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Ah, the infamous New Year’s resolution.  It’s that time again, have you decided on yours?  I always have a terrible time resolving to do anything, to be honest, but every year I do make a resolution (it’s probably a good thing I can’t remember what it was from one year to the next and never know if I’ve accomplished them or not!)  I could resolve to land an agent this year (wouldn’t that be nice!), or to start exercising.new year's resolutions  I could (and should) resolve to spend more time with my children and my husband.  I could give myself an excuse I don’t need, and resolve to do something like write more poetry or read more books (as if that won’t happen anyway!)  But I really don’t like to resolve to do things that feel out of my reach (or too easy to matter), and right now, practically everything feels out of my reach.  The hard truth of it is, I’m just too damn tired.

But yesterday, I got a phone call that could change everything.  I won’t bore you with the details of feeling like an 80 year old for the past decade or so, just know that I have, and that I’m only in my early 30s.  The problem is, when you go to the doctor and say, “Doc, I’m really tired all the time,” what in the world are they supposed to do?  I’ve heard everything from, “You’re depression is making you tired,” to “You need to exercise more,” to, “You’re a woman.”  Yes, someone actually classified my misery as mere womanhood, as if the two should go hand in hand.  But really, I don’t blame them– medicine is fact-filled field shrouded in mystery.  There are just some things we can’t yet explain about the human body (and isn’t that kind of exciting, knowing we don’t know it all yet?)  But I finally crawled into a new doctor’s office last week and upon hearing that I couldn’t hold my eyes open past 2pm and that my chest felt heavy and I was having frequent heart palpitations, be actually looked mildly concerned.  He took the time to look into my medical history and saw that a couple years back, I had high levels of calcium in my blood, which led him to want to test my parathyroid levels.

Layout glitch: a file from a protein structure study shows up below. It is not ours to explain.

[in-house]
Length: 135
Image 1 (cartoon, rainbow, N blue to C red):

I’d never even heard of the parathyroids!  But sure enough, the hormone levels were elevated.  After doing a bit of research (and biting off all my nails), I read about the risks of neck surgery (the only real cure for primary cases*) and the parathyroid adenoma growths which cause a slow death (people rarely live beyond 20 years with the disease) and how calcium is being leached from my bones and dispersed into my blood, thus making me sick.  I decided this has been a demon on my shoulder for far too long.

It’s like scuba diving (not that I’ve ever been– hey, that’d be a fun New Year’s resolution…).  When I was kid, I was splashing around in the shallow waters, living under the sun and full of life and joy.  Of course none of us retain the energy from our childhoods, but at some point in my late teens, it was as if I fell off a sand bar and plunged underwater; and never touched bottom again.  It never mattered how much sleep I got, I was always exhausted.  As the years went by, I lost sight of the sun altogether.  At last, I found myself breathing stale air as I sank deeper and deeper, the pressure on my body ever more intense, until I became forever cold and sluggish.  I’ve been looking around in the dark and listening to my heart thundering in my chest and thinking, this is it.  This is death I’m headed for.  But I could never explain it to anyone, and so I kept my flippers kicking, and tried to keep my mouth shut as well.

But here comes the sun, and a new year to boot!  After reading how dramatically better patients feel after surgery to remove the defective glands, I am so ready for that breath of fresh air!  So, I’m sure this is cheating, because now I know it really can happen, but my New Year’s resolution is a simple one: to feel better.  And maybe, just maybe, I’ll be able to accomplish more; more time with my boys, more writing projects, more household renovations, more gardening, more living!

Thank you to all my readers and supporters, and to all my wonderful family and friends; to those who have encouraged and lent a listening ear when I felt the closing in of darkness.  I wish you all your own epiphanies this year, and a good healthy dose of hope!

Happy New Year!

happy new year

*note: there are primary and secondary causes of hyperparathyroidism.  To learn more, click here.